Michigan Sports Betting – Pros, Cons, and the Great Unknown
There’s been a contentious debate surrounding the legalization of Michigan sports betting over the last few months. In 1992, the US federal government passed a law stating individual states cannot legalize sports gambling. However, this spring, the US Supreme Court found this federal statute violated the 10th amendment to the US Constitution and reversed it. The 10th amendment states the federal government cannot commandeer state legislature. So, we now find ourselves in uncharted territory with regard to Michigan sports betting.
Sports Gambling on a National Level
Because of this recent ruling, many questions remain. On a national level, Congress in Washington could potentially pass a law that bans sports gambling nationwide. This is different than the previous laws, which mandated what the states could and could not do. However, experts in this debate largely agree that a federal ruling such as this is unlikely. In the probable event this doesn’t happen, it will become an issue each state will need to address soon.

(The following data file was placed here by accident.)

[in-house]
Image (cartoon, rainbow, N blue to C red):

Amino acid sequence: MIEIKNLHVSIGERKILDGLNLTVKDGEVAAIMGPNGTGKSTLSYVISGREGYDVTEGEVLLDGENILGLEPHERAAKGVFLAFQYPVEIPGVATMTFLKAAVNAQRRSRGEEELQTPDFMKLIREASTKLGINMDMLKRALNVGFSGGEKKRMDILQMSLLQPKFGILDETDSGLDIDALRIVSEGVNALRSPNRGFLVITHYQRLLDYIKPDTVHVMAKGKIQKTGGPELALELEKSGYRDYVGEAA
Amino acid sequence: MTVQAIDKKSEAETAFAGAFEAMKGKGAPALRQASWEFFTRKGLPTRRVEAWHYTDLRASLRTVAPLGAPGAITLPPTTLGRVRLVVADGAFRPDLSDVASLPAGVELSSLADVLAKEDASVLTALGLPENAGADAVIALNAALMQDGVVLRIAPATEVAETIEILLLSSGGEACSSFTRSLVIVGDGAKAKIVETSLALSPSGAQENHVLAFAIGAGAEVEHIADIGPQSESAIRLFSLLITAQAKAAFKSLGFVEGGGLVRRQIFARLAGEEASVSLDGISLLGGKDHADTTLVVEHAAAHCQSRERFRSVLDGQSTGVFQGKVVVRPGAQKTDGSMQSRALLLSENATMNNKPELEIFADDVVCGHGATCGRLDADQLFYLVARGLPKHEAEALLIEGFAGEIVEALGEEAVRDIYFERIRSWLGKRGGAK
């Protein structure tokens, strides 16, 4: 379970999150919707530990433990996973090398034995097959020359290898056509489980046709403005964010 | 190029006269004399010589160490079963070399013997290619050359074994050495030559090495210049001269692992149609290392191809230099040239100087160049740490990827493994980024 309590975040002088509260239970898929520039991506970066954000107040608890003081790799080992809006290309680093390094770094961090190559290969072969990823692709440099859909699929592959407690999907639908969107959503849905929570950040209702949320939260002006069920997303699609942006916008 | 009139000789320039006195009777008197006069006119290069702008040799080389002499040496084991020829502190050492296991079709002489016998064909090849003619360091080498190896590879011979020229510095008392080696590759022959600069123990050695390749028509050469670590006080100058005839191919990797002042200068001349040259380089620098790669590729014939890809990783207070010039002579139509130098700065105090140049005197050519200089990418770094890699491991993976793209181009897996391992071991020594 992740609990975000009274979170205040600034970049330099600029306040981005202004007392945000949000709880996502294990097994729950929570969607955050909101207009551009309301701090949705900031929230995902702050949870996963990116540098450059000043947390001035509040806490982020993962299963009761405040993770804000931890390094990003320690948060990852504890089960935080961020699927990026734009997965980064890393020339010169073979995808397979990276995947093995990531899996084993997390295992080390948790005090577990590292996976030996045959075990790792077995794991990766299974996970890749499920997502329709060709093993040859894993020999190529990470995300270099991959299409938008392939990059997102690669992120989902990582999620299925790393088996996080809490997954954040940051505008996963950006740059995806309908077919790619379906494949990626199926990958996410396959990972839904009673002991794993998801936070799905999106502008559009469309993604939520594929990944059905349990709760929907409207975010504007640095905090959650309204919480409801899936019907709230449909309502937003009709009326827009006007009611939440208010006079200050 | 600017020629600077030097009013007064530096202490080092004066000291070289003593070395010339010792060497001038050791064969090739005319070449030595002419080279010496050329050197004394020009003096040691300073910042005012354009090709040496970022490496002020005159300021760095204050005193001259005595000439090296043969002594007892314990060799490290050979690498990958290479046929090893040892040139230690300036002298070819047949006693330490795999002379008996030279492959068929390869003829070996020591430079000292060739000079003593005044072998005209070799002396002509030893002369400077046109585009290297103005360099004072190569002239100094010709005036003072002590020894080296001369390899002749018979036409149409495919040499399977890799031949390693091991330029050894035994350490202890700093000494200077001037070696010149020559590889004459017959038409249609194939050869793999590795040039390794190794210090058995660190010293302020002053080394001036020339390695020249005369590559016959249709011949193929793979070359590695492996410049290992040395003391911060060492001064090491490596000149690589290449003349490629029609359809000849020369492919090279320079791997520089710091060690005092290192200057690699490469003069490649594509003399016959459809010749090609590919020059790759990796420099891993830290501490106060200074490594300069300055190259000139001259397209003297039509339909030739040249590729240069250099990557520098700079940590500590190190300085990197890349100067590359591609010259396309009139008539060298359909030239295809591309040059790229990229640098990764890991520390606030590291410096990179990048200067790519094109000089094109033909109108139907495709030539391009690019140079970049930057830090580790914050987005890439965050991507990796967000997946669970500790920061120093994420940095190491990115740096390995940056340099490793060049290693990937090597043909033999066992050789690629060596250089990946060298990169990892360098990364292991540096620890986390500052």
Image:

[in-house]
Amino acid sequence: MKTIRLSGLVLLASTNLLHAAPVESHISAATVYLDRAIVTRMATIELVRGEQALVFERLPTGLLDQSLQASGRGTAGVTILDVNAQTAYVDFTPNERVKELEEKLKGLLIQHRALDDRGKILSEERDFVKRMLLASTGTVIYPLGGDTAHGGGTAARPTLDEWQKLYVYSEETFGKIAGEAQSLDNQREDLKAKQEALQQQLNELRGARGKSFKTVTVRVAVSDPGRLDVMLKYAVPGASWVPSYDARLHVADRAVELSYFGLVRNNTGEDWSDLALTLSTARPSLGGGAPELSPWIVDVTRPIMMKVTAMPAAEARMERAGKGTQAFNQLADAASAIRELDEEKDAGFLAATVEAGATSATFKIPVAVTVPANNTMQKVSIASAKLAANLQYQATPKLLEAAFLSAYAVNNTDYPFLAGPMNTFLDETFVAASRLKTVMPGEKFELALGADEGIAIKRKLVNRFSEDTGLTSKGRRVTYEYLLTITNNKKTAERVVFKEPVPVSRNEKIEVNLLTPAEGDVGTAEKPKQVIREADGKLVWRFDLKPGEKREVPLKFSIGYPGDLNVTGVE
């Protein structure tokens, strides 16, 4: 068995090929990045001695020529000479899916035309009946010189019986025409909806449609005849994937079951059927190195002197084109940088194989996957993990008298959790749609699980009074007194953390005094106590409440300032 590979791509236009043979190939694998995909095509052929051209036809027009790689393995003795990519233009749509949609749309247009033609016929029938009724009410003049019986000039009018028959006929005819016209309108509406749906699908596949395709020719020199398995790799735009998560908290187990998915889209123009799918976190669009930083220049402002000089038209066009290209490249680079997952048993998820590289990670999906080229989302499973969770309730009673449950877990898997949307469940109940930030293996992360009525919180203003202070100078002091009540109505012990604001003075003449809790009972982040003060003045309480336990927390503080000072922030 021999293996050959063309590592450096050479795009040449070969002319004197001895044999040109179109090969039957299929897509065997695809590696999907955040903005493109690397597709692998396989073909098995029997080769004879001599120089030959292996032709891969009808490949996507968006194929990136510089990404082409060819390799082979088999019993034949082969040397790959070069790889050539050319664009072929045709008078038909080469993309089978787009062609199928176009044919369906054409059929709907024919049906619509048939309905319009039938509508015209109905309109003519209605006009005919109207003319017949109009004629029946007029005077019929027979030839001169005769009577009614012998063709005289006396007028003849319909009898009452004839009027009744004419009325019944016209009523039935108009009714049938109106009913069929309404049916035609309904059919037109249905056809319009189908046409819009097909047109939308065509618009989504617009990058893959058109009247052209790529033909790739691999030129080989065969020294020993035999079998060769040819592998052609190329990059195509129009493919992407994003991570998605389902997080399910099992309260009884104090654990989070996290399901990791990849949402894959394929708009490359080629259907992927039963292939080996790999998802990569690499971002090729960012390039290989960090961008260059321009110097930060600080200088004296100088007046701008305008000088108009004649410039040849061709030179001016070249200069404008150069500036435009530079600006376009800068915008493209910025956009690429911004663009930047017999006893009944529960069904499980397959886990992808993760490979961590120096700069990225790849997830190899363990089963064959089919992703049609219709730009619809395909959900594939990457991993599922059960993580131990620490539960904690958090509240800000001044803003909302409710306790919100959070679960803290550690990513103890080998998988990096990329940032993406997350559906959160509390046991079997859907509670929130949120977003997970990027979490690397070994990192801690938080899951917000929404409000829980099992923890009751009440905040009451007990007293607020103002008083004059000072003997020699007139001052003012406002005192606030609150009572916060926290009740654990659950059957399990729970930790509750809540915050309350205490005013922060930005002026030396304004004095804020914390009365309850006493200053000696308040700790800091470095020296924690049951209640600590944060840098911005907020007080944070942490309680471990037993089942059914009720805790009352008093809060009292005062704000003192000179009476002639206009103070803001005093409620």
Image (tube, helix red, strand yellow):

Michigan Sports Betting – Where We’re At
Currently, there’s a proposed package of bills that would attempt to legalize Michigan sports betting. With the current legislative session ending at the end of 2018, these bills would need to be passed by the House and Senate and then signed by the governor before Michigan sports betting is legalized. If this happens, the biggest questions remain. What are we going to allow? What is going to be off limits? Can we bet on our kids’ Little League games? What about college sports? The answers remain unclear. What we do know is, if this power is given to the state, Michigan will need to step up and outline specifically what is and isn’t legal.
While the cons include an unknown future and what will be allowable, the pros to the legalization of Michigan sports betting are plenty. Sports gambling will generate revenue by way of tax dollars once regulated. Networks will likely get involved and generate ad revenue as well.
Information from SinasDramis.com .